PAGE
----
To Sag or Not to Sag: Which Arguments Hold Up? PDF Print E-mail

Some call it an epidemic. Others call it a freedom of expression. Some just don't care. Wearing sagging pants has become the norm for many young African American men, whichever side of the issue they take.

Sagging, as defined by Wikipedia, is "a fashion trend for wearing pants below the waist to expose one's boxers, practiced by males." Sagging has been linked to prisons, where some inmates were not given a belt to hold up their pants.

Walking around Grambling State University's campus today, one can almost instantly see a male student wearing sagging pants.

One freshman is content with his style of dress, which includes sagging.

"I don't like my shorts above my knees," said Justin Woodard.

The reaction to the sagging pants fashion is mixed.

"It's a freedom of dress," said Kimberly Monroe, a Grambling State senior. "You should be able to wear what you want to wear."

Tiffany Wells, however, disagrees — somewhat.

"It's cute to a certain extent," the junior said. "If it's too low where I can see your underwear, then that's not attractive. I like more of the Kanye West type."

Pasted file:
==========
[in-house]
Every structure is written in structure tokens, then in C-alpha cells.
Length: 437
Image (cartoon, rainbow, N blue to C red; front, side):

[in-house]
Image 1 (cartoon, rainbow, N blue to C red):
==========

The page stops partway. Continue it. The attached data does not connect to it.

One freshman doesn't like the style at all.

"I think it's sloppy and trifling," Jiordelysah Lewis said. "It's a bad image of our black men."

However, some women say they will consider dating a man whose pants sag.

"I don't judge people on how they dress," Monroe said. "I judge people on their character. Who is to say that person may not be the next president?"

Wells said she would date someone who sags, but she still has a standard that they must follow.

"If I can see his underwear, no," she said. "I'd at least have him to pull it up."

One faculty member has admitted that he hates sagging.

"I'm 100 percent on the other side," said Tegitra "T.K." Thomas, head coach of the Grambling State golf teams. "I don't like it at all. I think Grambling would be a better institution if we require more out of our students. When I see that, I don't see higher learning."

Audrey Warren, adviser to the Student Government Association, also has seen sagging pants and does not like them.

"It's crazy," Warren said. "It's disgusting. Nobody wants to see that."

Many cities don't want to see them, either. More city governments are passing laws against "sagging." Atlanta Councilman C.T. Martin recently proposed an ordinance that outlaws "exposed boxer shorts, skivvies, thongs, and bra straps."

The proposal has received both negative and positive responses. One of the negative ones came from hip-hop artist Young Joc.

"That's [crazy]," Joc told the Atlanta Journal-Constitution. "That's attacking people's freedom of expression. . . . This is targeting a certain group: young black males."

Debbie Seagraves, executive director of the American Civil Liberties Union of Georgia, agrees.

"This is a racial profiling bill that promotes and establishes a framework for an additional type of racial profiling," said Seagraves, who is white.